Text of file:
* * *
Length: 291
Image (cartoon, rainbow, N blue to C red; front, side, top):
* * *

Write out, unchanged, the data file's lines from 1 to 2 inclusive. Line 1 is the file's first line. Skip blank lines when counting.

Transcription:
Length: 291
Image (cartoon, rainbow, N blue to C red; front, side, top):